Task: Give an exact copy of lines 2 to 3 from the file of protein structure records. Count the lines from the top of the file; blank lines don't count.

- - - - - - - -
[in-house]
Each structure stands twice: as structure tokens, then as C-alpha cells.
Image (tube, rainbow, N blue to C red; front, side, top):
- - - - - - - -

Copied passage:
Each structure stands twice: as structure tokens, then as C-alpha cells.
Image (tube, rainbow, N blue to C red; front, side, top):